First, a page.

Being somewhat of a “newbie” to Vermont, I am still learning things that most take for granted. Having grown up in New England, I do know, for instance, that all of the white stuff out there is not to be taken for granted. It is, in fact, vital to tourism.

The 2017 Benchmark Study on Tourism in Vermont reports: “Skiers and riders spend approximately $200 million each year for the use of downhill areas, spend additional millions for the purchase of equipment and spend additional large sums to travel to Vermont and use the hospitality services of the state.”

Add in nordic skiers, snowmobilers, snowshoers, ice fishers and others who enjoy outdoor activities in the winter and you get a good idea of the importance of the Vermont winter for our economy. It has been a strong season thus far, as winter arrived early, with the first major snow falling in October.

Now, some real magic begins. We have turned the corner. Daylight Savings Time is officially in place. The vernal equinox will be here next week. Baseball officially begins in two weeks. That can mean only one thing. It’s sugaring time, and this is where my real learning experience began.

First, I had to do some research to understand the basics of the maple syrup industry. This was not an easy task for someone who has been accused of forgetting the science behind making ice cubes.

According to the Vermont Agency of Agriculture, Food and Markets, “There are now four times the number of taps, and double the production per tap, then we had in 2000.” In fact, since 2013, Vermont producers have installed 1.2 million new taps. That helps to explain the phenomenal strength of the industry. Vermont is the nation’s top maple syrup producer, annually generating about 1.8 million gallons.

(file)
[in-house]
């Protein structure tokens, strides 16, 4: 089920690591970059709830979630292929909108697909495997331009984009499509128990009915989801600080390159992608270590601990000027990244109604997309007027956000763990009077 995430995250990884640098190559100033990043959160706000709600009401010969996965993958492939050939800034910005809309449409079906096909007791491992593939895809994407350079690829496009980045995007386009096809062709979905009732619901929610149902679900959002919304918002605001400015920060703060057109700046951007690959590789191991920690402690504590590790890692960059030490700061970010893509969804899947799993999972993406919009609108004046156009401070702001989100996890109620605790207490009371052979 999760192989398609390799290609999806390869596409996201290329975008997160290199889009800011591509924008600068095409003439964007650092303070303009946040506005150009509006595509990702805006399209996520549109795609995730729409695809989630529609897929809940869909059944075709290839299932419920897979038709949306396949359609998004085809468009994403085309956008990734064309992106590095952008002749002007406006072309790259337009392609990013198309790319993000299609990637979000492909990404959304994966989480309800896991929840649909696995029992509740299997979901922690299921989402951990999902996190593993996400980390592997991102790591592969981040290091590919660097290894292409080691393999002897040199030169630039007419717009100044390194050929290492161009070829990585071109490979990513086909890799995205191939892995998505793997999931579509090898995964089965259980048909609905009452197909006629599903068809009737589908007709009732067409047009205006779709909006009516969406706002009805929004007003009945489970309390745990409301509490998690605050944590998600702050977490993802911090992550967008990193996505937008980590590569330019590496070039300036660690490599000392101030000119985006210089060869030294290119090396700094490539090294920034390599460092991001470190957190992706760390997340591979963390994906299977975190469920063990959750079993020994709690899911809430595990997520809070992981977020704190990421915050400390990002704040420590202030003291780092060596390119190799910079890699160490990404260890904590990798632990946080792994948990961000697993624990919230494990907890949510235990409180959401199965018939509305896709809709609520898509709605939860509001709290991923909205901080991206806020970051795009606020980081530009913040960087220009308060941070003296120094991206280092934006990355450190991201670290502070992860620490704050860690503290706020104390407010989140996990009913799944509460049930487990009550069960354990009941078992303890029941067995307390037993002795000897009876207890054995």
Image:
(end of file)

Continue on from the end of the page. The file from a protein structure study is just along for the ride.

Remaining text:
It quickly became very apparent to me that the simple act of sugaring is not quite so simple.

I spoke with two resident experts on the subject, Chamber-members Doug Bragg from Bragg Farm Sugar House and Burr Morse from Morse Farm Maple Sugarworks. Doug and Burr “schooled me” on the how the sap runs and what it takes to make syrup. While the method of the making may be different for each, the end product is indeed something to be treasured.

Doug told me that his family farm has 2,200 buckets spread across 70 acres. “We use the traditional method of taps and buckets to collect the sap. It is a little more labor-intensive, but for us it is worth the effort,” he said.

Their wood-fired process boils off enough water to produce about 700 gallons of syrup a year. “We are carrying on a family tradition. I’m a seventh-generation farmer and keep to what I have learned.” Those lessons have been well-learned. Bragg Farm syrup has won Best-in-Show at the prestigious Vermont Maple Festival three times.

The Morse family has been making syrup since 1789. Burr tells me this is shaping up to be an “old-fashioned sugar year.” He uses March 16 as a measure. “Half the time we are making syrup by then, the other half we start after that. As long as the sap is running fast and furious, we’ll have a great season.” Some five miles of tubing leads the sap to the to the evaporator where a reverse osmosis process will get the sap ready to be boiled into about 2,200 gallons of syrup.

This year, a small “hobby evaporator” has been added at Morse Farm. This will allow small batches of syrup to be produced earlier in the day so that, according to Burr, “Visitors can stop by earlier to see an old-timer plugging away at his trade.” The larger evaporator will still be readying the larger batches to be made into syrup later in the day.

One thing I did learn years ago was that if it doesn’t say “Pure Maple” on the label, the container probably doesn’t contain any maple syrup at all. Pure Maple is what you will get when you stop by Bragg Farm and Morse Farm.

If you are looking for something to do in the upcoming weekends, stop by any of the Vermont maple farms for a little Sugar on Snow. You’ll be glad you did.

William E. Moore is the CEO and president of the Central Vermont Chamber of Commerce.

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